shown below.  The unit may be present one or more times in the label
   stack as explained in subsequent sections.

   In order to convey the same information as is present in the NSH, two
   MPLS label stack entries are used.  One carries a label to provide
   context within the SFC scope (the SFC Context Label), and the other
   carries a label to show which service function is to be actioned (the
   SF Label).  This two-label unit is shown in Figure 1.


    0                   1                   2                   3
    0 1 2 3 4 5 6 7 8 9 0 1 2 3 4 5 6 7 8 9 0 1 2 3 4 5 6 7 8 9 0 1
   +-+-+-+-+-+-+-+-+-+-+-+-+-+-+-+-+-+-+-+-+-+-+-+-+-+-+-+-+-+-+-+-+
   |           SFC Context Label           | TC  |S|       TTL     |
   +-+-+-+-+-+-+-+-+-+-+-+-+-+-+-+-+-+-+-+-+-+-+-+-+-+-+-+-+-+-+-+-+
   |           SF Label                    | TC  |S|       TTL     |
   +-+-+-+-+-+-+-+-+-+-+-+-+-+-+-+-+-+-+-+-+-+-+-+-+-+-+-+-+-+-+-+-+


           Figure 1: The Basic Unit of MPLS Label Stack for SFC



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   The fields of these two label stack entries are encoded as follows:

   Label:  The Label fields contain the values of the SFC Context Label
      and the SF Label encoded as 20 bit integers.  The precise
      semantics of these label fields are dependent on whether the label
      stack entries are used for MPLS swapping (see Section 4) or MPLS-
      SR (see Section 5).

   TC:  The TC bits have no meaning.  They SHOULD be set to zero in both
      label stack entries and MUST be ignored.

   S: The bottom of stack flag has its usual meaning in MPLS.  It MUST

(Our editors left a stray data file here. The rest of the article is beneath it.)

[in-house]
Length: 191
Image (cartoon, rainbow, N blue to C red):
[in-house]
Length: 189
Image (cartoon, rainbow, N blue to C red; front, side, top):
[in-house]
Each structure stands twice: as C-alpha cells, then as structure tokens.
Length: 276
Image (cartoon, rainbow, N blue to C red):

be clear in the SFC Context label stack entry and MAY be set in
      the SF label stack entry depending on whether the label is the
      bottom of stack.

   TTL:  The TTL field in the SFC Context label stack entry SHOULD be
      set to 1.  The TTL in SF label stack entry (called the SF TTL) is
      set according to its use for MPLS swapping (see Section 4) or
      MPLS-SR (see Section 5 and is used to mitigate packet loops.

   The sections that follow show how this basic unit of MPLS label stack
   may be used for SFC in the MPLS label swapping case and in the MPLS-
   SR case.  For simplicity, these sections do not describe the use of
   metadata: that is covered separately in Section 8.

4.  MPLS Label Swapping

   This section describes how the basic unit of MPLS label stack for SFC
   introduced in Section 3 is used when MPLS label swapping is in use.
   As can be seen from Figure 2, the top of the label stack comprises
   the labels necessary to deliver the packet over the MPLS tunnel
   between SFFs.  Any MPLS encapsulation may be used (i.e., MPLS, MPLS
   in UDP, MPLS in GRE, and MPLS in VXLAN or GPE), thus the tunnel
   technology does not need to be MPLS, but that is shown here for
   simplicity.

   An entropy label ([RFC6790]) may also be present as described in
   Section 7

   Under these labels (or other encapsulation) comes a single instance
   of the basic unit of MPLS label stack for SFC.  In addition to the
   interpretation of the fields of these label stack entries provided in
   Section 3 the following meanings are applied:

   SPI Label:  The Label field of the SFC Context label stack entry
      contains the value of the SPI encoded as a 20 bit integer.  The
      semantics of the SPI is exactly as defined in [I-D.ietf-sfc-nsh].



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      Note that an SPI as defined by [I-D.ietf-sfc-nsh] can be encoded
      in 3 octets (i.e., 24 bits), but that the Label field allows for
      only 20 bits and reserves the values 0 though 15 as 'special
      purpose' labels [RFC7274].  Thus, a system using MPLS
      representation of the logical NSH MUST NOT assign SPI values
      greater than 2^20 - 1 or less than 16.

   SI Label:  The Label field of the SF label stack entry contains the
      value of the SI exactly as defined in [I-D.ietf-sfc-nsh].  Since
      the SI requires only 8 bits, and to avoid overlap with the
      'special purpose' label range of 0 through 15 [RFC7274], The SI is
      carried in the top (most significant) 8 bits of the Label field
      with the low order 12 bits set to zero.

   TC:  The TC field is as described in Section 3.